Fixed Wireless Access Brings Broadband to Rural Communities —
Imagine living in a rural community on the outskirts of a major metropolitan area. You work at home, so high-speed Internet is a need, not a want. Unfortunately, the ADSL2+ wireline broadband that originates from the Serving Central Office located 2 miles away provides you 2.7 Mbps on a good day. Switching to cable is not an option because your community is served by a co-op that doesn’t offer high-speed Internet. You continue to hope for breakthroughs from the wireless service providers, while recognizing that 1 bar of LTE service just doesn’t get it done. You are willing to pay for broadband, but like so many others in rural communities, you find yourself on the wrong side of the digital divide.
But there is good news on the horizon! Fixed Wireless Access (FWA), an economical, point-to-point wireless technology, is beginning to fill the void in rural America. Entrepreneurs, known as Wireless Internet Services Providers (WISPs), and CAF-incentivized carriers are both using fixed wireless to reach consumers in locations that are too sparsely populated to be economically served with FTTH, DSL, 4G/LTE or 5G networks. Using point-to-point wireless technology for the Last Mile (or miles) connection to the home, these providers are boasting of speeds in excess of 25 Mbps.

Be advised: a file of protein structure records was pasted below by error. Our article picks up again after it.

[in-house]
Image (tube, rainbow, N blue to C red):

The network consists of a few tower-mounted radios that beam unobscured line-of-sight signals over unlicensed spectrum between the radio at the tower and a small antenna located at a customer’s home. The towers usually connect back to the network with fiber, though microwave is an alternative. And to power all the electronic devices, the tower needs access to electricity.
This last requirement — access to power — is the same problem that has been an issue for other distributed networks like DSL, G.fast, and small cells. Most people, including some network builders, assume that electricity is available everywhere. But often, the power is not where it is needed. In those instances, getting power to the site requires some form of utility construction project, which can be prohibitively expensive. Fortunately, inventive service providers have come up with different ways to solve the power problem.